Why is calcium important for my body?
Calcium is an essential nutrient with a number important of functions. Its main use is to keep bones healthy, and working alongside another minerals, such as phosphorus, it helps to keep them strong too.
99% of the calcium in your body is stored in your bones and teeth. The remaining 1% is in your blood and soft tissues, helping regulate muscle contractions including your heartbeat, and making sure your nerves carry messages and your blood clots normally.
If we don’t get enough calcium in our diets, our bodies actually use the calcium in our bones as an emergency supply for our blood and soft tissues. If your body continues to break down more bone than it replaces over a period of years, your bones can become weak, leading to an increased risk of the bone disease osteoporosis. That’s why it’s really important to make sure you’re getting enough calcium.
It is important to note, that since the human body cannot produce its own calcium, adequate calcium intake is vital.
You are more at risk of calcium deficiency if you:
- Are on a cow’s milk or lactose free diet
- Have coeliac disease
- Have osteoporosis
- Are breastfeeding
- Are past the menopause
How much calcium do I need?
The recommended amounts of calcium for adults are as follows:
- For pre-menopausal women 25-50 years old and post-menopausal women on oestrogen replacement therapy: 1,000-1,200 milligrams of calcium per day. 1,500 milligrams of calcium per day is recommended for pregnant or lactating women.
- For postmenopausal women less than age 65 not on oestrogen replacement therapy: 1,500 milligrams of calcium per day.
- For men ages 25-65: 1,000 milligrams of calcium per day.
- For all people (women and men) over age 65: 1,500 milligrams of calcium per day.
Vitamin D and Calcium
Vitamin D helps the absorption of calcium from foods. Most of our vitamin D is made by the action of sunlight on the skin.
In April to September, going outside for 15 minutes, two or three times a week between 11am and 3pm without sunscreen should be enough to produce sufficient vitamin D.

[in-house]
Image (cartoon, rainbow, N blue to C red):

Foods rich in vitamin D include oily fish, eggs and fortified breakfast cereals/spreads, but you cannot get enough vitamin D from food alone. You may need to take a supplement if you do not get enough (safe) sun exposure or if you are over 65 years old.
Vitamin D supplements are recommended for all pregnant or breastfeeding women, babies and children aged six months to five years, people aged 65 years and over and people not exposed to much sun.
Healthy lifestyle advice for healthy bones
- Be active – weight bearing activities are best, for example, walking, aerobics, cycling, running and tennis. Aim for at least 30 minutes of activity, five times per week.
- Smoking is associated with an increased risk of osteoporosis, low bone density and increased risk of hip fracture. Stopping smoking prevents further excess bone loss.
Meals and snack ideas
- Start the day with cereal (calcium-fortified) with milk or a milk substitute (calcium-fortified).
- Use tinned sardines or pilchards (with the bones) instead of tuna in a sandwich or on toast.
- Have a stir fry including tofu, broccoli spears and chopped nuts for lunch or dinner.
- Add yoghurt/soya yoghurt to fruit as a pudding or use milk or a milk substitute (calcium fortified) to make custard and milk puddings.
- Try a glass of low-fat milk as a snack or to help rehydrate after exercising.
- Don’t forget low-fat dairy products have the same amount of calcium as the full-fat versions.
- Remember to check non-dairy sources have added or are ‘fortified’ with calcium.
- Try to avoid sugary drinks and snacks. If you choose a calcium-rich food which contains sugar, it is best to eat this as part of a meal instead of as a snack.
Find out if you’re at risk from Osteoporosis
It’s important for everyone to get the right amount of calcium in their daily diet, but some are more at risk of developing osteoporosis than others. Take the National Osteoporosis Society’s Bone Health Quiz to learn more about your bone health, and take preventative action.Take the Bone Health Quiz
Calculate your daily calcium intake
See if you’re meeting your recommended daily intake of calcium with our handy Calcium Calculator.Go to the Calcium Calculator